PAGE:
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About The Production
When America went to war with itself in 1861, the young boys growing up in the Kansas and Missouri regions were forced into manhood, virtually overnight. Their loss of innocence was one of the first and most palpable casualties of the Civil War.

Meditating on that loss, Missouri-born author Daniel Woodrell wrote his 1987 Civil War-era novel Woe to Live On (published by Henry Holt and Co.). (The novel had its origins in one part ["I Have Been Found in History Books") of a three-part short story written by Woodrell in 1983 and published in The Missouri Review.) Present-day television news images of children in overseas countries brandishing automatic weapons reminded Woodrell of the young Bushwhackers (the name originated from their hiding places in the bushes) whose personal histories he had studied while attending the University of Kansas: "They fought under no specific rules."

 Woodrell states, "The Civil War period of history has resonance in Vietnam [where Woodrell served a tour of duty], Bosnia and Nicaragua. It literally was neighbor against neighbor, and often even family member against family member."

Given his own family history in Missouri and time Kansas, Woodrell was naturally motivated to write about the guerrilla warfare that tore through both states, near the separating them. "The devastation was tremendous. The war actually started earlier than the official War, and there revenge raids going on for a decade or more after the war. It wasn't abstract — it wasn't an army from some distant state, it was that guy from down the road," he recounts.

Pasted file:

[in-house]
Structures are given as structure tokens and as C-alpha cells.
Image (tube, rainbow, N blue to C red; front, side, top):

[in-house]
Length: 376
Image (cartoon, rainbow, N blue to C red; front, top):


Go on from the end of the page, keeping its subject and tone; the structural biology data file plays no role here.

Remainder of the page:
While researching the period anew, Woodrell had been surprised to learn that there were black men who at different times rode with Southern raiders. "These men had actually taken up arms because of friendships they had, but then once the larger cause became central to their lives, they realized they actually were not fighting in their own best interests," he said.

Woodrell was also fascinated by the contradictions of the young men's experiences, or lack of same: I wanted to get through the humanity of all involved. "I wanted to get through the humanity of all involved. During this time wasn't unusual for a man to be a Captain of Cavalry and have participated in soul-searing things by 25 years old, yet still be a virgin. The concept of having been at war for three or four years and never having kissed a girl.. .it really humanized the poor guys for me."

People's humanity has always been the primary focus director Ang Lee, whose films have spanned very different times and places but have always honed in on the characters' human natures. Lee was seeking to apply his considerable director talents to tell a story in a film genre different from the one he had explored just prior. "Ride With The Devil" associate producer Anne Carey had read and savored Woodrell's novel years earlier. Remembering it, she saw the potential for an intriguing pairing of filmmaker and subject matter, and showed a copy to Lee. The director responded to the material immediately: "I could see the movie in my head as I read the book. It's dramatic: young people coming of age in the worst possible time in American histo:ry. I liked the theme of self-emancipation."

The material certainly would be something different for director, and filmmaking team, always seeking a new cinema challenge. "Ride With The Devil" screenwriter and producer James Schamus recalls, "When we were making [Lee's 1995 film of] 'Sense and Sensibility,' there was a moment when Ang turned to me and said, ' You know, some day I'd like to make a movie with characters who have dirty fingernails.' And there are lots those in Daniel's book."

The "dirty fingernails" would have to wait a little longer, h


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